Everyone predicted that this stage would shake up the GC, but no one figured that defending champion Chris Froome would abandon before he rode over a single cobble. On a rainy, crash-filled day, Vincenzo Nibali put significant time into his rivals and Lars Boom took a muddy solo win.
Slick, slicker, slickest
With nine sections of Roubaix pavé set for today’s stage, it was never going to be easy. Add a few days of rain and it was downright treacherous. So much so that the race organisers took out two sectors even before the race began, due to them being under water so that the riders wouldn’t be able to pick out a decent line. But bizarrely, it wasn’t the cobbles that claimed the most crashes or the biggest scalps.
It was the smooth roads in the first part of the race that were, in the words of Panache, “slicker than deer guts on a doorknob”, causing crash after crash, especially once the pace started to rise in anticipation of the first set of cobbles.
Once on the cobbles themselves, the riders rode them with the respect they deserved and there were only minor incidents in the seven remaining sectors. Was the parcours too dangerous to race? Should they have neutralised the stage due to conditions, as some called for? In a word, no. Today was not unlike a one-day classic. It’s racing in the rain, and although there were 193 weary bodies at the end, there was actually only one DNF.
A dramatic Skyfall
And that one DNF was, of course, Chris Froome. His abandonment came after crashing twice on the slippery roads in the first part of the stage. The final spill brought his title defence to an end as he hobbled to the team car, obviously in both physical and emotional pain.
It was always going to be a big ask for him to perform well today. Cobbles for a rider that thin is tough enough, but add in the wet and the fact that he crashed heavily the day before and went to hospital with a suspected broken wrist (x-rays were inconclusive), and today was realistically only going to be about minimising his losses.
This stage had been planned by the organisers to be a key stage in the shaping of the GC and it certainly did that. However, abandoning after a crash is never the way fans want to see the defending champion (or anyone for that matter) go out of the Tour de France. No matter what you think of Froome himself, his early departure from the race should not be a cause for celebration. Sport can be cruel but sports fans certainly don’t have to be.
So what next for Sky? Richie Porte is now team leader, with Geraint Thomas as his lieutenant. Thomas seems to have the better form at the moment, but Porte has always been the stronger of the two on hard climbing days so the team is obviously hoping the Aussie rides himself into form. Crossing the finish line with a large gash on his thigh won’t help but if he stays out of trouble tomorrow, getting some respite before the weekend in the Vosges, we might see him come good. At the moment, he lies eighth in the GC, 1:54 down from Nibali. With Alberto Contador 19th, 2:37 down, there’s still a lot of racing ahead.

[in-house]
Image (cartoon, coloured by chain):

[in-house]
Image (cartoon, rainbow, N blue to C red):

Boom’s bid for glory
It seems crazy that on this epic stage, the first to cross the finish line is almost overshadowed by the GC drama. But Belkin’s Lars Boom rode a savvy race, most of it with teammate Sep Vanmarcke, and was always near the front on the cobbled sections. He kept his counsel until the pavé sectors were completed and then made his move away from Vincenzo Nibali and Jakob Fuglsang to win the stage solo, muddied and triumphant. He’ll take this into next year’s classics season and be a force to be reckoned with. Chapeau.
VeloVoices rider of the day
If you think back to last year’s Giro and even the Vuelta, it’s easy to see why it was Vincenzo Nibali‘s day. The man has no problem riding in the cold, the wet, the slippery. To him, it’s a race day like any other, except for the fact that it’s harder to peel the wet, dirty kit off at the end of the race.
Nibali skipped the chance to defend his Giro title in order to target the Tour and he wasn’t going to let today’s opportunity pass him by. Surrounded by teammates for a good part of the race (and finishing with Jakob Fuglsang), he was always at the front of the bunch, stayed safe on the cobbles and rode them calmly and matter of factly. With every section he put more and more time into his rivals – all the GC riders that can be a threat to him in the mountains are two minutes plus down from him in the standings – making him the rider of the day.
Stage 5 result
1. Lars Boom (Belkin) 3:18:35
2. Jakob Fuglsang (Astana) +0:19
3. Vincenzo Nibali (Astana) same time
4. Peter Sagan (Cannondale) +1:01
5. Fabian Cancellara (Trek) s/t
1. Vincenzo Nibali (Astana) 20:26:46
2. Jakob Fulgsang (Astana) +0:02
3. Peter Sagan (Cannondale) +0:44
4. Michal Kwiatkowski (Omega Pharma-Quick Step) +0:50
5. Fabian Cancellara (Trek) +1:17
6. Jurgen van den Broeck (Lotto-Belisol) +1:45
7. Tony Gallopin (Lotto-Belisol) +s/t
8. Richie Porte (Sky) +1:54
9. Andrew Talansky (Garmin-Sharp) +2:05
10. Alejandro Valverde (Movistar) +2:11
Points leader: Peter Sagan (Cannondale).
King of the Mountains leader: Cyril Lemoine (Cofidis).
Best young rider: Peter Sagan (Cannondale).
Team classification: Astana.